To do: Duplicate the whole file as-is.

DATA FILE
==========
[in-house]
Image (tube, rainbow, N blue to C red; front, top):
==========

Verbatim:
[in-house]
Image (tube, rainbow, N blue to C red; front, top):